Correction: students have to pay to /do/ the problems. Specifically, WebAssign requires each student to open an account and pay a fee of IIRC $75 each term. From what I've read, it's especially devious because teachers don't have to pay anything at all. But in terms of cost, it really isn't much different from the more regular practice of barely changing a textbook every year just enough so that you need to buy the latest one to do the homework problems, paying $100 for a new book instead of $20 for a used book.

> You can try the latest development version (0.8.11).

I have 0.8.10, and it doesn't look like much has changed with the latest version (not better compatibility, anyway).

Chris

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The fewer people who have flash installed (including gnash) the better. The reason companies can get away with this is because everybody has it installed. You might want to complain, call technical support, etc. The more it costs them the less likely it'll be used in the future.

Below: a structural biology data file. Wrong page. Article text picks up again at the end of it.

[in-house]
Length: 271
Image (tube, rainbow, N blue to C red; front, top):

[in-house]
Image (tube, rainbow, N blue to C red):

Complain to the teacher too!

Drop the class if you can.

Chris

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If anybody has a complaint start blogging about it. Name the schools, professors, and let others know not to apply/transfer to them.

Bad publicity might actually make a difference.

onpon4
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A small update on my issue: